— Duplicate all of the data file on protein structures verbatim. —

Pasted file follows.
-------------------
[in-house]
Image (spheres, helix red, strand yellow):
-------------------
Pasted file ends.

[in-house]
Image (spheres, helix red, strand yellow):